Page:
“Where did the time go?”

Something is definitely stealing my daily hours.

“Where did the time go?”As a busy college student, I’m always asking this question throughout the day, especially when it comes panic hour to complete an assignment. Then realization hits me, and I regret spending the last three hours watching Mad Men on Netflix. Those cliff hangers…

Table 1, 2 and 3 show the hours spent on the three most common media outlets. The sample, consisting of 244 people, was selected through a self-administered computer survey.

Table 1: Hours spent for pleasure on Internet

The majority of the sample spent up to 5 or 5–15 hours per week on the Internet for pleasure (34.6%).

Table 2: Hours spent on TV
Table 3: Hours spent on mobile web

The majority of the sample spent up to to 4 hours on television per week (28%).

The majority of the sample spent 1–3 hours on the mobile web per week (42.8%).

It’s not surprising that people spend most of their time on the Internet for pleasure. The internet incorporates several diverse media outlets, including television (e.g. Netflix) and social media websites (e.g. Facebook). The internet also promotes individualism and freedom, a deeply embedded American value, by empowering users to upload or post personal perspectives with limited restrictions. At the same time, the Internet provides communicative features that allow everyone (with access) to participate in most online conversations. It’s individualized, yet connected, creating the perfect medium.

Table 1,2 and 3 include the frequency and percentages of the sample size as a whole. Let’s be more specific by clustering the sample size into groups. By doing so, we further analyze preferences and trends in media usage. Are there any differences in media usage between males and females?

Table 4: Cross tabulation of gender and pleasure Internet

Table 4 shows the cross tabulation of gender and hours spent for pleasure on the Internet per week. Within gender, the majority of females spend up to 5 hours (38.5%), and the majority of males spent up to 5–15 hours (32.2%). The largest percentage discrepancy between gender exists in the 15–25 hours category (8.80% in females and 21.80% in males). There’s also an interesting trend within gender: in the first three categories (0 hours, up to 5 hours, 5–15 hours), the percentage of females is higher than the percentage of males. In the last three categories (15–25 hours, 25–40 hours, 40+ hours), the percentage of males is higher than the percentage of females.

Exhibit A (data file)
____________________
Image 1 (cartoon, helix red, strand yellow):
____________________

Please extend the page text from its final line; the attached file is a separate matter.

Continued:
It isn’t easy to see the percentage discrepancies between genders in a convoluted table, and quite frankly, it’s ugly. Here’s a visual representation:

Figure 1: Percentage within gender of pleasure Internet clustered by gender

Males tend to spend more time for pleasure on the Internet than that of females. A report from eMarketer found that since most advertisements cater towards men, resulting in sexualization and objectification of women, men are more comfortable around websites that contain offensive advertisements (http://arstechnica.com/business/2009/04/men-spend-more-time-online-respond-better-to-ads/).

As we move on to the age of Web 2.0, mobile devices are becoming a more attractive way to stay connected on social media. Social media platforms with a larger female user base (Pinterest, Facebook, Instagram) have already effectively adapted to the growing demand of apps and increased mobile usage, while platforms with a larger male user base (Reddit, Slashdot) are still behind in their app development. Figure 2 shows percentages of mobile web usage within gender.

Figure 2: Percentage within gender of Mobile Web usage clustered by gender

Based on Figure 2, there’s a large discrepancy in the “1–3 hours” category and the “up to 1 hour” category. The 1–3 hour category favors female usage, and the up to 1 hour category favors male usage, suggesting that females use the mobile web more frequently. The percentage differences in the rest of the categories are too small to draw valid conclusions.


These results are from from perfect. Since the sample was selected through a self-administered survey, there is some degree of self-selection bias in that the people who chose to complete the survey are inherently different than those who chose not to complete the survey. As a result, the sample is not fully representative and generalizable. Also, the sample size was largely in favor of females, which although was acknowledged by using percentages within gender, it still potentially affects representativeness and generalizability. Another limitation was the formatting of the survey. The survey required memory recall, which is often times inaccurate and misleading.

Next time before you start surfing the web or reading the newsfeed on the Facebook app, recall the amount of time you’ve spent in the past. Then set an appropriate time frame for yourself to protect those precious hours.

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